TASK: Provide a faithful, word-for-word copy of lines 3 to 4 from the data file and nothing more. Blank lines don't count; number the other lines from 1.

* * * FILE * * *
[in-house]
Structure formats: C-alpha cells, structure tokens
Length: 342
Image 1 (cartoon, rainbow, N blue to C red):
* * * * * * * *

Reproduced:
Length: 342
Image 1 (cartoon, rainbow, N blue to C red):